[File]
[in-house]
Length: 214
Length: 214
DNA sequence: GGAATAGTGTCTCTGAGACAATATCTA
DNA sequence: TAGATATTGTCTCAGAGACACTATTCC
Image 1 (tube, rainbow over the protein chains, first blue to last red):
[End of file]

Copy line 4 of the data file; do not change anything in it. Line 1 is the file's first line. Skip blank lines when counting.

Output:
DNA sequence: GGAATAGTGTCTCTGAGACAATATCTA